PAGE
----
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Thread: What goes wrong the most on vintage computers? (Aside from capacitors)

  1. #31
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    There may have been residual moisture. Maybe they weren't sealed properly. I have stored cast iron lathes the same way. I don't recall there being any corrosion at all - if memory serves me. Maybe I'll try it out this winter. If it's outdoors or in a very damp environment, it needs to be twist tied in a tight knot, which means you have to use.the biggest bags you can find. Zip.ties could be hazardous, as they could possibly tare the plastic, or not provide enough of a seal.

    Now mind you I didn't put the cream of the crop outside. I was just overloaded with stuff one year. I'd put a monitor outside before a cpu. And I think I had a bunch

  2. #32

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    *Much* better than hot air is a simple desiccant. You can get desiccant bags fairly cheaply. Otherwise just when you get them with new products, just put them in a small sealed bag until you need them.

  3. #33
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    That's a good idea now that you mention it. But especially when storing away cast iron, drying it all up with hot air seems necessary. Do both.

    I have a cheapo heat gun from Harbor Freight. Less then 10$, hasn't failed me yet (ymmv). The thing gets hot! That metal nozzle thing gets omg hot. I had a makeshift cardboard shelter I put out for a stray cat last year that got soaked by rain. I set the heat gun by the opening, the plastic casing only leaning against the cardboard. In 10 minutes that whole box was bone dry.

    Some might think hot air would create a static hazard. As long as you don't go nuts it shouldn't be an issue.

    As a bean bag sized bag of dessicant is what I would use for something the size of a computer or monitor.
    Last edited by tipc; August 15th, 2019 at 11:44 AM.

  4. #34
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    Quote Originally Posted by KC9UDX View Post
    *Much* better than hot air is a simple desiccant. You can get desiccant bags fairly cheaply. Otherwise just when you get them with new products, just put them in a small sealed bag until you need them.
    Its true that is a great item to use. I collect them all the time; they come in equipment containers, medication bottles, new furniture boxes, etc. I throw a bunch in my gun safe, weekend car, anything I seal. I have a brown paper lung bag full to the brim with them on my industrial rack. Cant really use them with computers unless I put them in some container.

  5. #35

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    Here's mine. I've broken it into two categories as the faults are dependant on the circumstances.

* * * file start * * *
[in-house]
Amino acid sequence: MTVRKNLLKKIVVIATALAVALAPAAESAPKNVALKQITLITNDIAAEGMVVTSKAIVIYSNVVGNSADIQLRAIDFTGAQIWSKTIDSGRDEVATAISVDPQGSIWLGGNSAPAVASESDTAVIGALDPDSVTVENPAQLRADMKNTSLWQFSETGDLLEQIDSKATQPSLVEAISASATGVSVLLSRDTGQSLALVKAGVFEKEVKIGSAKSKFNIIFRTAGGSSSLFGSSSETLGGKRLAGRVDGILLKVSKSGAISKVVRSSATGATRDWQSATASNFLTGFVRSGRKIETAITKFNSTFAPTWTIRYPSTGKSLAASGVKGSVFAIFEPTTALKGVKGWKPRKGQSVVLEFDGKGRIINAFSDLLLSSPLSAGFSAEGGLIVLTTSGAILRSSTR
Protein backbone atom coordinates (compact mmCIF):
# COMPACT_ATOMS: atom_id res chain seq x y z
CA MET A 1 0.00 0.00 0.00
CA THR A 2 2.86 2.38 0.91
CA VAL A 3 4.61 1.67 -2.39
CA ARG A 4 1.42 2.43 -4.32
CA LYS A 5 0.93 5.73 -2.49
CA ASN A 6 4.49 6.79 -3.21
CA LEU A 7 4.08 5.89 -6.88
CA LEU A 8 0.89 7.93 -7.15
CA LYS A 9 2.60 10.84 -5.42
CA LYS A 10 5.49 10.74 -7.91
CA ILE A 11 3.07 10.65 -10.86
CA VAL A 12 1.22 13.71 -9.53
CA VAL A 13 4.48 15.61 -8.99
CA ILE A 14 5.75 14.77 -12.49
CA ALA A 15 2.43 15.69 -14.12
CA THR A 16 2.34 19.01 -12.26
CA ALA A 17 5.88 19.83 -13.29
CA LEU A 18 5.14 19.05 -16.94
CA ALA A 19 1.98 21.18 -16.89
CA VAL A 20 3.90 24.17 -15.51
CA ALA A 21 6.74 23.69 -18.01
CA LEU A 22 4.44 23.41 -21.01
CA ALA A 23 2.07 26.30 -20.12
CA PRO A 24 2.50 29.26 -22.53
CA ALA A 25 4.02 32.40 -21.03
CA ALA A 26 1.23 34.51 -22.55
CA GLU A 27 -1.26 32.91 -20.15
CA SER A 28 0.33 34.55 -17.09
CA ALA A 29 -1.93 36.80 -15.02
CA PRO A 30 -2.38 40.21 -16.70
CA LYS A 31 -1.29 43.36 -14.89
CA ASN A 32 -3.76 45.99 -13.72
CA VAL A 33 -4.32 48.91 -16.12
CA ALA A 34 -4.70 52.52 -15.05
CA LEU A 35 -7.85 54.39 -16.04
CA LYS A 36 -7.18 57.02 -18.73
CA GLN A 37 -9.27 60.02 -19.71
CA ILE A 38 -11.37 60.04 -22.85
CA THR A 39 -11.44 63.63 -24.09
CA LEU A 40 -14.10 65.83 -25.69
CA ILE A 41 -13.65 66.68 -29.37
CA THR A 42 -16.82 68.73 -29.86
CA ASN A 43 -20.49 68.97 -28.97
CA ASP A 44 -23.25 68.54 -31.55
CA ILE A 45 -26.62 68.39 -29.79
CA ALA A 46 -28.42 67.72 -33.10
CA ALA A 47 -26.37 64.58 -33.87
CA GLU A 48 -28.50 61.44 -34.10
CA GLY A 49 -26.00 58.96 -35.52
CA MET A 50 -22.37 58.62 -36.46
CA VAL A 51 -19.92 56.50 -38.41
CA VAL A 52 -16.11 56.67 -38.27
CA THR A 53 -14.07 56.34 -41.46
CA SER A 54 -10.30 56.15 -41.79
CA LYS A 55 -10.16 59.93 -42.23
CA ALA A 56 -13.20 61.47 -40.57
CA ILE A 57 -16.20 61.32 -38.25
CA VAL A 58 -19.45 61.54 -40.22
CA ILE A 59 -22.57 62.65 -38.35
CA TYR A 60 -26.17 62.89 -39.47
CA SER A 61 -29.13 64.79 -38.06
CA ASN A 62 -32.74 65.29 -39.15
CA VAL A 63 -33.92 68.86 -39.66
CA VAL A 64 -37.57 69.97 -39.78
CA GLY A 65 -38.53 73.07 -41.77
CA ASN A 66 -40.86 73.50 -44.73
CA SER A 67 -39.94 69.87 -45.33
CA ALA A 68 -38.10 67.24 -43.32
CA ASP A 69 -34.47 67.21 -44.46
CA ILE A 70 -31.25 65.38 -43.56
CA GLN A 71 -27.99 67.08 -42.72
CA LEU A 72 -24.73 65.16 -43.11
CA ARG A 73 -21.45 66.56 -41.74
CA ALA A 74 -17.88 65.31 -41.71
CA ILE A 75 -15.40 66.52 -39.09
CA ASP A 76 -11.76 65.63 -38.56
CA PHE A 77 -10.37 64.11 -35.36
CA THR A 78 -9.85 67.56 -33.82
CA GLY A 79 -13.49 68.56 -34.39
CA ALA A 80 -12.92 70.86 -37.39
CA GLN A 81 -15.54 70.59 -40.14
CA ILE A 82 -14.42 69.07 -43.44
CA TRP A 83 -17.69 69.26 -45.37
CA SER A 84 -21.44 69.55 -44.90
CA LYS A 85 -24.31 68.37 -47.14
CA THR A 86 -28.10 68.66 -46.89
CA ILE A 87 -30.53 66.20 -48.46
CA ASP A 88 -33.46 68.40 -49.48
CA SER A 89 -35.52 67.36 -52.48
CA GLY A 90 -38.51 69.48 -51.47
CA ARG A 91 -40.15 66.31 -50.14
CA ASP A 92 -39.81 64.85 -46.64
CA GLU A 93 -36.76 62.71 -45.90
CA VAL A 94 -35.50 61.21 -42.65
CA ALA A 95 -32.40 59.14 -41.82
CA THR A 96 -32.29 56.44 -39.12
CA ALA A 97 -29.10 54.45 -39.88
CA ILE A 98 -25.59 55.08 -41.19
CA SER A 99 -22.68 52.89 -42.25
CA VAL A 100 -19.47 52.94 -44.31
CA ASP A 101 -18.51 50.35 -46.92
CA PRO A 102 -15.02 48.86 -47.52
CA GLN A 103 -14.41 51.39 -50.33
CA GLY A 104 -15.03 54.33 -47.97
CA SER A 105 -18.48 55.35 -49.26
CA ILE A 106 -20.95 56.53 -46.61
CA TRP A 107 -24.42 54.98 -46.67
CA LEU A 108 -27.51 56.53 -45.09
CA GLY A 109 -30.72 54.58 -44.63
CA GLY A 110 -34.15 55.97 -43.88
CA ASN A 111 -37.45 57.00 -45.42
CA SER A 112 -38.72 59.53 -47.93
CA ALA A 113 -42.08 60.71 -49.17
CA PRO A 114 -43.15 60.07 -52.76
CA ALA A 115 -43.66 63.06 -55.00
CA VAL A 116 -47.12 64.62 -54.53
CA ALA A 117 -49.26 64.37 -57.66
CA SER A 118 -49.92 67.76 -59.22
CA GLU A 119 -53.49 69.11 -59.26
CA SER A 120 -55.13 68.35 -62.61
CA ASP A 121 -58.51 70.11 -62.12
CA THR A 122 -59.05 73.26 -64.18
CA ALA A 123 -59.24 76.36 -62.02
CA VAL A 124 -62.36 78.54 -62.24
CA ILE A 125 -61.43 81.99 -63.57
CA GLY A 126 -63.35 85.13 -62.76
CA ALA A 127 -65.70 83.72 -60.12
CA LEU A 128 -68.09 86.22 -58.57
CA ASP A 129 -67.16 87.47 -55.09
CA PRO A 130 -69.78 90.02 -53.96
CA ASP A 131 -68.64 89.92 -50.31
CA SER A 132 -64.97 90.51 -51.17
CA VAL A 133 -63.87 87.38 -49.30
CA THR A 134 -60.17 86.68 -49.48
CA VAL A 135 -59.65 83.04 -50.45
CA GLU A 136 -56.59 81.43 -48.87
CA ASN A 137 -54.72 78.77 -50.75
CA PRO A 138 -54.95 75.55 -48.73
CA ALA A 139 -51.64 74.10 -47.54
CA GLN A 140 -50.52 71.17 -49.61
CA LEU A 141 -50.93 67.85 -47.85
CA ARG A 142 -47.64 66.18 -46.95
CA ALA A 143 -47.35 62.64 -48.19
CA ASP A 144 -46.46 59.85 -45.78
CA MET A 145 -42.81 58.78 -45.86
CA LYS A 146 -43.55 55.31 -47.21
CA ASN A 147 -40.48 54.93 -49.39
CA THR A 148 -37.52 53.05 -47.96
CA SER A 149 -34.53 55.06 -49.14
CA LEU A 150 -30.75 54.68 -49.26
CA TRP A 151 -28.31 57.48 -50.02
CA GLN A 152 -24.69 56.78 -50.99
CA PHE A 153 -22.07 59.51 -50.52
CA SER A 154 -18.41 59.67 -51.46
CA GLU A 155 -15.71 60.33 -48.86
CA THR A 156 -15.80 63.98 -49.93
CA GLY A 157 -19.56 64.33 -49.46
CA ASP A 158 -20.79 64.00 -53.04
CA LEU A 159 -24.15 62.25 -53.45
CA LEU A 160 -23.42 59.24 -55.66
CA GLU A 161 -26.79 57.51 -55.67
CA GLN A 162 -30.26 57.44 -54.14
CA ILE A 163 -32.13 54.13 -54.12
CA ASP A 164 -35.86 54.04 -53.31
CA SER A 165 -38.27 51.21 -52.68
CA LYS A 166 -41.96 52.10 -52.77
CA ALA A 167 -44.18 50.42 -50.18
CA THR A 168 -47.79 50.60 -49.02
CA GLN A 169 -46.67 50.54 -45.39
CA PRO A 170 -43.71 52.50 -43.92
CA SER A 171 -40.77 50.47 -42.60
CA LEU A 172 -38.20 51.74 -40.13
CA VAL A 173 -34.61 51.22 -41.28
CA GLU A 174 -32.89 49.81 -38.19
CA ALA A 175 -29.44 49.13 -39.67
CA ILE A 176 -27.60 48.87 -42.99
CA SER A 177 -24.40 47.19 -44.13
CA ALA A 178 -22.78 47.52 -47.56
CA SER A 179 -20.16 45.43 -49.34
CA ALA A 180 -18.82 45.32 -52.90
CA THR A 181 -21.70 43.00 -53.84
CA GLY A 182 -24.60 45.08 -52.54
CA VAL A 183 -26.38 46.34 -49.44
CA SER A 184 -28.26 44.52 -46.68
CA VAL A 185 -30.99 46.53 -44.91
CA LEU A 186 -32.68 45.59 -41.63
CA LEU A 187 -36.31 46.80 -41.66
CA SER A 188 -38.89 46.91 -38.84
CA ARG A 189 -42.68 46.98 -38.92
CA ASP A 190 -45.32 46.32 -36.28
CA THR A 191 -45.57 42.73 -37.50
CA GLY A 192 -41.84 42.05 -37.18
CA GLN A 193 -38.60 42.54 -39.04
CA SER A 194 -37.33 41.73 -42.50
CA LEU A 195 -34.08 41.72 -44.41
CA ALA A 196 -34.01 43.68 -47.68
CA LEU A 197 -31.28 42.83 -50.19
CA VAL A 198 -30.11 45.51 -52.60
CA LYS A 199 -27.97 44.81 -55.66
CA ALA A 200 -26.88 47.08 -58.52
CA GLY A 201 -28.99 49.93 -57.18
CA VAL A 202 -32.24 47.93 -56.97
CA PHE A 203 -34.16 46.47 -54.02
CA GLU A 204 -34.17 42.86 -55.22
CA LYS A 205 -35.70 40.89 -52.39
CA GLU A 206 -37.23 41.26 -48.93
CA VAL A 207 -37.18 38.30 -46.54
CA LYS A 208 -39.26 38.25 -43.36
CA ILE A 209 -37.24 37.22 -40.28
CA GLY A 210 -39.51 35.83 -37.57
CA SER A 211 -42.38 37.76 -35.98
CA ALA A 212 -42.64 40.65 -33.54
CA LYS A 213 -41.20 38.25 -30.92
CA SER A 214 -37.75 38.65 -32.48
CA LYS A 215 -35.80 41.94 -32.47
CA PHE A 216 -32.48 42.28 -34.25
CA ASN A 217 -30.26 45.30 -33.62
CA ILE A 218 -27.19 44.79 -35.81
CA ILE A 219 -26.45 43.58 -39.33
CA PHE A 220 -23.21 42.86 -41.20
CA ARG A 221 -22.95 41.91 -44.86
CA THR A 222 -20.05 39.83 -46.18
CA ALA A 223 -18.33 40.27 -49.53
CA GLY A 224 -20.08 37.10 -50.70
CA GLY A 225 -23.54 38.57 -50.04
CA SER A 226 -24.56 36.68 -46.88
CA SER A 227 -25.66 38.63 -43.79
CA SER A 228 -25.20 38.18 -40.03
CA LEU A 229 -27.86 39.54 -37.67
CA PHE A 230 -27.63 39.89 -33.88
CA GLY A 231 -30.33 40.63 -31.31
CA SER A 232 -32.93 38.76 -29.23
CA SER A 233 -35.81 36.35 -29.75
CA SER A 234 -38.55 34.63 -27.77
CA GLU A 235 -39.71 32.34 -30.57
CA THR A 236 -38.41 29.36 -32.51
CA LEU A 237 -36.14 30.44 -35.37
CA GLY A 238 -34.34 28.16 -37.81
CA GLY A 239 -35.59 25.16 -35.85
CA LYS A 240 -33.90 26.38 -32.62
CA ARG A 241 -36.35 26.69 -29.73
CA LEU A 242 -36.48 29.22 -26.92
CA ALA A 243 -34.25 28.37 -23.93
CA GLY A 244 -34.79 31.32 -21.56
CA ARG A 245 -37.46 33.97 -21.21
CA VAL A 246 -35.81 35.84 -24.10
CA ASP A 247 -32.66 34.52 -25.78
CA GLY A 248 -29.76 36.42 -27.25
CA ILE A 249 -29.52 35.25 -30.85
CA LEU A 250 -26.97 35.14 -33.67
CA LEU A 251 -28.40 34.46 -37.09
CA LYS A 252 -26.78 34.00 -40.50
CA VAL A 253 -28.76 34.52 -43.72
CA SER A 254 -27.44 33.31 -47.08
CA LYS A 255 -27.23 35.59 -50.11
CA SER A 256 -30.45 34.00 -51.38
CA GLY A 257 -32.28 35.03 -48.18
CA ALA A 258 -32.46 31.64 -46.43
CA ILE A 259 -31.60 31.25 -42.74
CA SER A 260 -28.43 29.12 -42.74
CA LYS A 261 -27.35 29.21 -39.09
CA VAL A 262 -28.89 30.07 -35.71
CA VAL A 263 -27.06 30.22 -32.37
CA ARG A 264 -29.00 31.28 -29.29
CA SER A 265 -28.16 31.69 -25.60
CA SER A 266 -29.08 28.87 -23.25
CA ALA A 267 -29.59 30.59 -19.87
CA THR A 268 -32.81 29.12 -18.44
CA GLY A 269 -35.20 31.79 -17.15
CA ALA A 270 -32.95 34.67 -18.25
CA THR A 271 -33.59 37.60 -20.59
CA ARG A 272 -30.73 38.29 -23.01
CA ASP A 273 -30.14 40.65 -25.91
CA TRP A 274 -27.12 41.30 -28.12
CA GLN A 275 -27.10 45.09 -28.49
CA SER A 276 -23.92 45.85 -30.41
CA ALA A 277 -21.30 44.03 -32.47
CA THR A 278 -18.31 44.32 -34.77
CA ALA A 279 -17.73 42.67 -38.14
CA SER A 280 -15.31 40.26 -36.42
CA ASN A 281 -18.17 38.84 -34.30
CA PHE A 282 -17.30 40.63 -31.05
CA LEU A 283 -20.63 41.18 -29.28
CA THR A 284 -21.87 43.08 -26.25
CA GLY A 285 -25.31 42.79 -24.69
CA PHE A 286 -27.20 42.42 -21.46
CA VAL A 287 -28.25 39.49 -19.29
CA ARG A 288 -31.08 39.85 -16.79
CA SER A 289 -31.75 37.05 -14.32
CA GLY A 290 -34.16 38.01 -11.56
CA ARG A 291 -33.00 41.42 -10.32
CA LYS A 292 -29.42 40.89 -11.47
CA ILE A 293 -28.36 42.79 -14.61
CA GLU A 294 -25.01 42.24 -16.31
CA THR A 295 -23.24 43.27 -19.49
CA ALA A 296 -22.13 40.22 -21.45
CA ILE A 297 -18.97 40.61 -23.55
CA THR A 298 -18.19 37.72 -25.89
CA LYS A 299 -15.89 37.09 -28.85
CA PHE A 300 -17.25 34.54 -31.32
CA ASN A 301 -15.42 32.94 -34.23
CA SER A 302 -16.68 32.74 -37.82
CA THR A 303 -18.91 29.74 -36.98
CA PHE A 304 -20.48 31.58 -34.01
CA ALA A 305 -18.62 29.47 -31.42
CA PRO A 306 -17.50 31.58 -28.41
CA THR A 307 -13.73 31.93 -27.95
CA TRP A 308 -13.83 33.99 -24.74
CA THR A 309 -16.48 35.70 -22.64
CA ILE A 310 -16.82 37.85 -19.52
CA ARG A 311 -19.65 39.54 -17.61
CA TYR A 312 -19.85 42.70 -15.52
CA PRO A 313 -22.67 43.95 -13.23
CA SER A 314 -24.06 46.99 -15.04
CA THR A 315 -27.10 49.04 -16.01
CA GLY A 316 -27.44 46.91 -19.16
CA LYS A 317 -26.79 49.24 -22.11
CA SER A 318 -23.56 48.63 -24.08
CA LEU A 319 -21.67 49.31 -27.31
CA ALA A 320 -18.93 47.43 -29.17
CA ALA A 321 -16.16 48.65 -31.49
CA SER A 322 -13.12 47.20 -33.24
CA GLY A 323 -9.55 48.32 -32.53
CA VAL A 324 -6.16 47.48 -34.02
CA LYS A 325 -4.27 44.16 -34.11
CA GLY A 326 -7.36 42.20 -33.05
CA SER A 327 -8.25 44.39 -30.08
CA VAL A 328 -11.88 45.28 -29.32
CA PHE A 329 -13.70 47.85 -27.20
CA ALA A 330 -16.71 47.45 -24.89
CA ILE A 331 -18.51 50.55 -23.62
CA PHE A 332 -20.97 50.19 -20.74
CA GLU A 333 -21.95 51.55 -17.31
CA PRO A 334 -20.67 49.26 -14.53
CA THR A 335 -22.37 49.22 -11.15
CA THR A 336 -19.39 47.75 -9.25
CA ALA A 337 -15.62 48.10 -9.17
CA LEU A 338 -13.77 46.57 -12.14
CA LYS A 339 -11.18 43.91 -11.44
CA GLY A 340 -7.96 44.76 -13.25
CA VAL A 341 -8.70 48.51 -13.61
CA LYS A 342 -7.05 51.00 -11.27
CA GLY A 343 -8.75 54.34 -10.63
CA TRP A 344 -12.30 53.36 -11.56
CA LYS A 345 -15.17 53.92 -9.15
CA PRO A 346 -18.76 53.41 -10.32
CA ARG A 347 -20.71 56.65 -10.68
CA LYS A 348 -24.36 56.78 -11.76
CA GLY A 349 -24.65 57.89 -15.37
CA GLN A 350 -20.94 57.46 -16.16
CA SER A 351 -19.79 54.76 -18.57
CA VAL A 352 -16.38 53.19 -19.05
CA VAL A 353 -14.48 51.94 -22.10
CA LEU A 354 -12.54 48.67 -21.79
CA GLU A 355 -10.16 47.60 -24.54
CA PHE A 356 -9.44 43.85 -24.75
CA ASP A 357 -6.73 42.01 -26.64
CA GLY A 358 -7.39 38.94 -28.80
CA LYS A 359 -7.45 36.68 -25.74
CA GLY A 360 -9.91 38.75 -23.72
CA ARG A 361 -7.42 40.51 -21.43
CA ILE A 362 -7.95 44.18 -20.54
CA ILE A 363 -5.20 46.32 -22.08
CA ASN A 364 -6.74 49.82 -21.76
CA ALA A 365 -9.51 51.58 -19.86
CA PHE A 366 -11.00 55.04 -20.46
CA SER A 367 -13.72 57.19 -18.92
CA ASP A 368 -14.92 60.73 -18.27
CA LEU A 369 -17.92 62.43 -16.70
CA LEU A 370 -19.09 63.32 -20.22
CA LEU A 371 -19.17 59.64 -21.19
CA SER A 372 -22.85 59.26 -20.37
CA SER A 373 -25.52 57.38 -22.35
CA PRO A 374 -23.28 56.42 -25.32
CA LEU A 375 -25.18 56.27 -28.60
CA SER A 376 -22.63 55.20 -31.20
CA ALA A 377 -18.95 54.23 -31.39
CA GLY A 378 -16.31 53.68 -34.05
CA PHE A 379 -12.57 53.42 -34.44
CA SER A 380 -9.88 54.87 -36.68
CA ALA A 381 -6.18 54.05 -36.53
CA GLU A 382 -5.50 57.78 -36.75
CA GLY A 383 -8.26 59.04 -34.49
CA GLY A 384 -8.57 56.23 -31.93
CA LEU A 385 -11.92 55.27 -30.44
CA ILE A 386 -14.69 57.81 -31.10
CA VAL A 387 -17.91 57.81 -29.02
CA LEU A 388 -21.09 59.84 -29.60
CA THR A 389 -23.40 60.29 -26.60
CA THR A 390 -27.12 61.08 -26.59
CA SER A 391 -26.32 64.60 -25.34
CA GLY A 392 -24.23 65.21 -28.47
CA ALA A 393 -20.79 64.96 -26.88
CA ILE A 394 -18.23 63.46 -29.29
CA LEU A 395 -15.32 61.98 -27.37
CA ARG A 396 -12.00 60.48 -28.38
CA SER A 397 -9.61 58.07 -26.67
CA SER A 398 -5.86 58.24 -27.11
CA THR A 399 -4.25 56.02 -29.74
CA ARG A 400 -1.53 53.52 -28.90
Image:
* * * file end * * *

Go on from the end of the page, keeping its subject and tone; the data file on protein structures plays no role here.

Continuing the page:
When dealing with a vintage 'find' which hasn't been powered up in a while:

    1 - Battery related damage (damage to PCB/IC's due to leakage).
    2 - Rodents urinating on IC's / boards. Corrodes better than battery leakage.
    3 - RAM faults, although these are usually easily fixed by replacement.
    4 - Line filter caps popping; just had one go last week.
    5 - HDD's / FDD's failed; although the FDD's can usually be fixed by cleaning.

    In terms of a known 'maintained' machine that gets used semi regularly:

    1 - PSU related failures; especially in old macs due to bad caps.
    2 - FDD's fail; usually because of dirty disks. Easily fixed by cleaning.
    3 - HDD's fail; although this is usually limited to a subset of drives which were known to be bad back in the day.
    4 - Fans get noisy; usually limited to the mid 90's rubbish quality fans in the 486/586/686 era.
    5 - Random 'reseating' of cards required; especially VLB ones.

    I find the following is exceedingly rare in my experience:

    1 - RAM faults with machines that are cared for / used semi regularly.
    2 - Tantalum caps 'popping'; although this is probably more just luck on my part. I've had a couple; but beyond that never had issues.
    3 - ROM failures; only had one fail in an Apple IIE.
    System 80 Expansion Interface located! Thanks to all who helped out and the good people in the NZ vintage computer forums!

  6. #36
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    On of the most common issues is I find is rechargeable battery failure/leakage.

    Old hard drives fail in all sorts of ways. Head Crash,Capacitor failure, dried up lubrication....
    Dave
    G4UGM

    Looking for Analog Computers, Drum Plotters, and Graphics Terminals

  7. #37
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    Augusta, Georgia, USA
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    They get thrown in the landfill by owners that don't value them?

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